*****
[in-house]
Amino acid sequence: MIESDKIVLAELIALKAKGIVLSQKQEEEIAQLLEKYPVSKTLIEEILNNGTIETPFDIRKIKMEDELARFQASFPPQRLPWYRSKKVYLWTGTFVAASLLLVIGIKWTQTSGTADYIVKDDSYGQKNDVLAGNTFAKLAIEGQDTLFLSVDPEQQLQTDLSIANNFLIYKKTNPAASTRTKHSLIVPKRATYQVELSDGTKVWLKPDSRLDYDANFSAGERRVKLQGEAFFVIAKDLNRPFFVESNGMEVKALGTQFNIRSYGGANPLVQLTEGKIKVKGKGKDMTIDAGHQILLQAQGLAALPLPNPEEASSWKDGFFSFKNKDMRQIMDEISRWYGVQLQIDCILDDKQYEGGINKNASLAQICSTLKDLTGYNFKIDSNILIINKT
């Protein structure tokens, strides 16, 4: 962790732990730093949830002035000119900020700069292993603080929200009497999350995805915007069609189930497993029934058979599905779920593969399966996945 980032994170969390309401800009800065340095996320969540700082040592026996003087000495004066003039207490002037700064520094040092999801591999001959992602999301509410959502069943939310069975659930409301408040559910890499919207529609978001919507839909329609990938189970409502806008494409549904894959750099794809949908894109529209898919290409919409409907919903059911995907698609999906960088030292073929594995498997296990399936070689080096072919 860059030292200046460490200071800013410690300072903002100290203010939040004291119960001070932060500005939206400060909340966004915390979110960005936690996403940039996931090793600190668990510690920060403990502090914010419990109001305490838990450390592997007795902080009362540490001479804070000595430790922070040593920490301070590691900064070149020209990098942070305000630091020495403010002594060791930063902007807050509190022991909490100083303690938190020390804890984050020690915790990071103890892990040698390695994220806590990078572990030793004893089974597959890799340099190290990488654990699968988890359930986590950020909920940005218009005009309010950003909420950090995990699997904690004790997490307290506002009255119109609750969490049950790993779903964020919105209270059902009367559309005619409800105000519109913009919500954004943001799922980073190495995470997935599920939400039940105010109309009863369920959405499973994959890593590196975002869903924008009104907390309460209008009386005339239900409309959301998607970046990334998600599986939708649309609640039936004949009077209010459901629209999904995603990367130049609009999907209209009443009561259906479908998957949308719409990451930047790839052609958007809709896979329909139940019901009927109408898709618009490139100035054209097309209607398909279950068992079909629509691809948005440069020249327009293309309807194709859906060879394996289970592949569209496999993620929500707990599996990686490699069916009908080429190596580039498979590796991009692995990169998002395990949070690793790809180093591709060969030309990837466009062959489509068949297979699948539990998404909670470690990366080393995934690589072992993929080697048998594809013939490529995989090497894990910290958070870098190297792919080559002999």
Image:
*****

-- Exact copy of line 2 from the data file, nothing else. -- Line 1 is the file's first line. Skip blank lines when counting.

Amino acid sequence: MIESDKIVLAELIALKAKGIVLSQKQEEEIAQLLEKYPVSKTLIEEILNNGTIETPFDIRKIKMEDELARFQASFPPQRLPWYRSKKVYLWTGTFVAASLLLVIGIKWTQTSGTADYIVKDDSYGQKNDVLAGNTFAKLAIEGQDTLFLSVDPEQQLQTDLSIANNFLIYKKTNPAASTRTKHSLIVPKRATYQVELSDGTKVWLKPDSRLDYDANFSAGERRVKLQGEAFFVIAKDLNRPFFVESNGMEVKALGTQFNIRSYGGANPLVQLTEGKIKVKGKGKDMTIDAGHQILLQAQGLAALPLPNPEEASSWKDGFFSFKNKDMRQIMDEISRWYGVQLQIDCILDDKQYEGGINKNASLAQICSTLKDLTGYNFKIDSNILIINKT